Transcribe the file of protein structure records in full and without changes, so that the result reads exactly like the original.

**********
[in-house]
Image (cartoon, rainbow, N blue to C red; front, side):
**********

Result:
[in-house]
Image (cartoon, rainbow, N blue to C red; front, side):